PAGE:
14. The Centennial Celebration at Cherry Valley, Otsego County, N. Y^ July 4th, 1840. The Addresses of William W. Campbell, Esq^ and Governor W. H. Seward: with Letters, Toasts, »fc. New York: Taylor & Clement 12mo. pp. 59. 1840.

These addresses were delivered on the centennial celebration of the settlement of that interesting section of the state known by the name of Cherry Valley, long an outpost of civilization in the western forest. The first, by Mr. Campbell, which was the principal oration delivered on that occasion, is certainly an eloquent production. Mr. Campbell sketches an interesting historical account of the settlement and progress of that point, and intermingles with it many patriotic reflections, suited to the audience and to the age. Several allusions which he makes to the early settlers, who have deceased, show him to be a gentleman of heart as well as of mind. The speech by Gov. Seward also abounds with fervid and patriotic thought, and served to give animation and interest to the celebration.

15. Physiology for Schools. By Reynell Coates, M. D. Philadelphia: Marshall, Williams, & Butler. 12mo. pp. 333. 1840.

This volume is devoted to schools, and it appears to be executed with good success. It develops, in philosophic order, the general principles of vital growth, arranged with questions for young learners. The rules which govern our animal frame, we think, should be understood by all, and there is no book within our knowledge that present the matter in a more intelligible form. It abounds in plates, which show the different parts of the human system, and tending to illustrate the text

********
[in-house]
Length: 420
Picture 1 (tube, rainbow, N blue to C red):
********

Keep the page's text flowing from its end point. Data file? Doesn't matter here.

16. Selections from the British Poets. ByFiTZGREENE Halleck. Family Library, Nos. 112 and 113. New York: Harper & Brothers. 2 vols. 18mo. pp. 359—360. 1840.

Mr. Halleck, himself a distinguished poet, has prepared two choice volumes, embracing apt morceaux from the vast and rich mine of British poetry. Great difficulty must have occurred in the performance of his task, for amid so large a mass of that which is exquisite, it seemed to require no little judgment to select the efforts which are the best. This labor has, however, been performed with taste and discrimination; and we have, in his compilation, a grateful source of amusement and instruction.

17. Heroines of Sacred History. By Mrs. Steele. New York: John S. Taylor, and M. W. Dodd. 1 vol. pp. 238. 1841.

This handsomely printed volume describes, in a clear and impressive manner, the female characters most distinguished for their heroism, who have figured in sacred history, and they certainly exhibit a series of beautiful examples, which may furnish proper models of imitation even in our own day.

18. The Young Lady's Companion: in a series of Letters. By Margaret Coxe, author of Botany of the Scriptures, Wonders of the Deep, &c. Columbus: N. Whiting. New York: Charles Henry.

This volume is devoted to the welfare of that interesting class, the young ladies of the country. It embraces all those facts which would seem best calculated to advance the intelligence of this portion of our population, and those maxims of virtuous conduct so necessary to their well-being in the community. EXCHANGE TABLES.


PARIS remitted to London for negotiation, compared tsith a direct remittance at 60 days sight, exclusive of commission.

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PARIS remitted to London for negotiation, compared with a direct remittance at 60 days sight, exclusive of commission.




HAMBURG remitted to London for negotiation, compared with a direct remittance at 60 days eight, exclusive of commission.